American oil billionaire Armand Hammer collected many Fabergé pieces during his business ventures in communist Russia in the 1920s. In 1937 Armand Hammer’s friend Samuel Rubin, owner of the Spanish Trading Corporation, which imported soap and olive oil, closed down his company because of the Spanish civil war and established a new enterprise to manufacture perfumes and toiletries. He registered it, at Hammer’s suggestion, as Fabergé Inc. in 1937. In 1943 Samuel Rubin registered the Fabergé trademark for perfume in the United States. In 1945 the Fabergé family discovered that their name was being used to sell perfumes without their consent. A lengthy exchange between lawyers on both sides of the Atlantic ensued. In 1946 Rubin registered the Fabergé trademark for jewellery in the United States. An agreement was reached out of court in 1951 with the family whereby Rubin agreed to pay Fabergé & Cie $25,000 to use the Fabergé name solely in relation to perfume. In 1964, Rubin sold Fabergé for $26 million to George Barrie and the Rayette Inc. The Cosmetics company Rayette changed its name in 1964 to Rayette-Fabergé Inc. and in 1971 the company name was changed to Fabergé Inc. In 1978 Michael J Stiker filed for the patent rights for Faberge jewelry in New York on behalf of Faberge & Cie in Paris, but this attempt to licence the jewelry brand failed. .http://www.trademarkia.com/map/faberge-73176711.html. From 1964 to 1984 under the direction of George Barrie many well known and successful product lines as well as feature movies were launched by Fabergé Inc.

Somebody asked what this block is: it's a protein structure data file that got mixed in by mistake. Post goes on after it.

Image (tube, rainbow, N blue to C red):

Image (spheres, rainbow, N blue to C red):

Mr. Barrie supervised Fabergé's introduction of the Brut toiletry line for Fabergé, which was promoted by football player Joe Namath. In 1977, he signed Farrah Fawcett to a promotional contract with Fabergé for the Farrah Fawcett hair product and fragrance lines. A famous Fabergé TV ad featured Joe Namath being shaved by Farrah Fawcett. Brut became the best selling cologne in the world at the time, and remains available today worldwide.  In 1967 film actor and businessman Cary Grant was appointed Creative Consultant, and in 1968 member of the Board of Directors of the company. Actor Roger Moore became a board member in 1970. George Barrie established Fabergé's filmmaking division, Brut Productions in 1970 and put together the Academy Award winning movie titled A Touch of Class in 1973 and other feature movies.
Barrie launched the Babe fragrance in 1976, which in its first year became Fabergé's largest selling women's fragrance worldwide. Actress and model Margaux Hemingway received a $1 million contract to promote the perfume Babe by Fabergé in an advertising campaign making her the first super model (Babe by Faberge Ad Campaign (on YouTube)). Babe received two awards from the Fragrance Foundation for its launch: Most Successful Introduction of a Women's Fragrance in Popular Distribution, and Best Advertising Campaign for Women's Fragrance.